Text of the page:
But also from the camp opposite to Protestantism, that is, the papacy, came the opposition to Spain and the Empire, however much they personified and defended Catholic orthodoxy within and outside their vast domain. But Spain meant, in addition to some hindrance to nepotism, a permanent danger for the State of the Church and for the freedom of the pontificate; and she then meant the full embodiment of that monarchical absolutism which was asserting itself in competition with and opposition to papal absolutism. Therefore opposition to heresy and opposition to Spain went hand in hand, more or less vigorously and openly. It is already seen with Paolo III Farnese, who succeeded Clement VII. With him the papacy begins to really worry about the progress of heresy: also in order not to give, with its own carelessness, an incentive or pretext to the neglect of others. Gian Pietro Carafa proceeded more energetically, who became Pope Paul IV in 1555. Indeed, with him the hammering of the heretics really began.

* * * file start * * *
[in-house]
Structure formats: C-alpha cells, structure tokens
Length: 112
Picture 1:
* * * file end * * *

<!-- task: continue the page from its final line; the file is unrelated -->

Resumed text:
At the same time, the two popes stood up to Spain as best they could. Paul III, although cautious and prudent, did not cease to work on hand to stop its progress during the new wars that broke out between the two crowns, after the death of Sforza of Milan (1535) and the passage of the duchy to direct dependence on Spain. Francesco I, who never took his eyes off Italy and in 1533 had concluded the marriage of his son Henry with Caterina de ‘Medici, hailed in France as a sign and a means of perpetual union of the two countries; Francesco I attacked Piedmont in 1536 and occupied almost everything, should it serve as a base of operation or as a currency to obtain the Milanese. Since the king of France was aiming especially above, almost fascinated. But also on Tuscany, on Naples, on Genoa, on Corsica, all countries from which and to which he was also reminded of Florentines haters of the Medici, of Neapolitan barons obsessed with the hope of regaining their fiefs and the greatness of the past, of noble families opposed to Andrea Doria, of Sampiero Corso and other rebels to Genoa: all always convinced of having to find in Italy only people waiting and ready to rise up. In these new wars, according to Mysteryaround, France found the most diverse and contradictory allies: the Lutherans, with whom she closely collaborated especially in the years 1552-56; and the Turks, with whom he formed a true brotherhood of arms, with particular damage to the Italian regions subject to Spain or to friends of Spain, that is to the Neapolitan which had its coasts plundered, to Nice which was attacked by the Turkish fleet and French soldiers, of Corsica which was partially occupied by the barbarians. Thus France contributed to widening the breach that the Turks had made in Christian Europe, and Protestants in Catholic Europe. And Italy, placed in the midst of this circle of enemies of Spain, also felt variously pressured after the French and Swiss and imperial and Spanish, even by Protestants and Muslims. But France also had recourse to Pope Paul III Farnese, who in 1545, with the foundation of the Duchy of Parma and Piacenza for his son Pier Luigi, in a region long linked to the Milanese, had carried out an act of nepotistic politics and, together, anti-Spanish. More openly and resolutely still proceeded in relations with Spain, Paul IV Carafa, who, together with the Farnesi of Parma, the Este of Ferrara, the Medici of Tuscany, irritated because the Spanish army with Giacomo de ‘Medici, after having conquered Siena (1554-55), if he kept it for himself, he attempted an anti-Spanish coalition which is to be considered the last of this era. He was a proud hater of Spaniards, “formerly cooks and stable-boys in Italy, and now presumptuous to be masters, heretics and schismatics, the seed of Jews and Marranos”. But he too, he did not want to substitute French for Spagnoli, but rather keep them both away or, at worst, balance them and thus neutralize them in Italy. “They are all barbarians and it would be good that they stayed at home soa and that there was no language in Italy other than ours”, he said to Bernardo Navagero, a Venetian orator.